Kate: If I could give you the answer to this, I would be a millionaire..maybe even a billionaire. I can’t tell you how many times I remind my children to “ask nicely”, “say thank you, please”, “you can try it yourself, then I’ll help” – the list goes on and on. Some moments I’m not so understanding of their dictator-like demands, I don’t even have the energy to suggest how they can ask nicely instead. I usually just respond “No, do it yourself.” – with or without a healthy dose of “oh, heck no child” in my tone.
It’s so much easier to just do it all ourselves. I mean, if we just gave our children everything then we wouldn’t deal with the meltdowns, the tantrums, the disappointment, and the trail of unfolded, clean laundry ALL over my house. BUT, then I would also be broke, wouldn’t be teaching them responsibility, and would be raising some highly entitled individuals. I’m pretty confident I couldn’t be friends with my children as adults if they were still asking me to help them tie their shoes.
So, I make my life infinitely harder by requiring my children to be responsible. They are all in charge of dressing themselves (do varying degrees of “success”) – I showed up to baseball practice with one shoe on my 3 year old yesterday. She had to stay like that until we found the shoe in the driveway when we got home. And, guess what? No one judged us! My daughter was in charge of getting her shoes and she lived with the consequence of not following through.
Liz: If I could give you a snapshot of my brain when my kids ask (not always nicely) for something it would be like a ridiculous stream of consciousness that unfolds in less than 5 seconds. Their simplest request, demands, and questions elicits this explosion in my brain of all the things I could say, all the things I want to say (but don’t) or all the things I wish I could say but wouldn’t be appropriate. Then I spend a little time chastising my brain for going “there” and ugh. It’s like I can never stop thinking about all the outcomes of this one minute that they won’t even remember 10 seconds from now.
How is it that whenever we’re at home it’s a given that they will be at their absolute worst but when we’re in public, they tend to put their best foot forward? Ok, so this isn’t always the case because…they’re kids. But in the vast majority of public situations, I’m fairly confident we’ll be just fine. Preparing for those moments can feel like torture though! I feel as though I get lost in this autopilot of correction. I often catch myself wondering if any of it even has a hope of sinking into their brains. I mean, I get bored listening to myself talk and I’m not even remotely obligated to listen to myself!
The reality is though is that our modeling, our endless repetition, and just our way of dealing with the world is under intense scrutiny. This unforgiving, exhausting slog through the mud is actually a master class that our kids are actively engaging in (even when we least expect it). This is an insanely humbling, scary, and overwhelming place to work from. These kids watch our every move, our worst days…but also our good and mediocre days. The sum total of all this observation is what’s going to matter in the long run. So I’ll keep up my endless litany, but I’ll also do my best to BE the person I most want them to become.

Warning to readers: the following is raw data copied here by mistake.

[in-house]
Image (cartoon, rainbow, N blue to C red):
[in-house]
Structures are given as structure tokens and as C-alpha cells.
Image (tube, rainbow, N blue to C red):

Kate: The pressure is unreal. I was just listening to another podcast this morning that was exploring the amount of pressure parents feel to “parent” rather than “be the parent”. By making the word parent a verb, it takes on a whole new connotation. When it’s the noun, being a parent is simply the relationship you have with your child, when you are “parenting” it takes on a weight of shaping these children into good adult humans. Does that make sense?
So, I’m going to try to focus on just being their parent (the relationship) and less on “parenting” and see where that takes me. I’m hopeful that I will be refreshed by how nice it is to just have a relationship with them, without the full weight of agonizing about bad decisions I make as a parent. Because, my overriding priority is that I am a good person who is trying the best she can. That’s all I ask of myself, and all I should be asking of my kids.
Liz: Without a doubt we put way too much pressure on ourselves and what the future MAY hold. We can’t control it, so the best we can do is our best with what we have right now (which Kate says all the time). I actively have to remind myself of this, every day…every hour or so even. The best we can do is give our kids the skills they need to evaluate the world and make responsible and empowering choices down the road. Sometimes, the best way to do this is to just live life, find joy and strive to be more conscious of the world around us and how our choices ripple out. Just be….in the moment, in the room, in their hearts and hopefully in their heads as a voice of reason someday.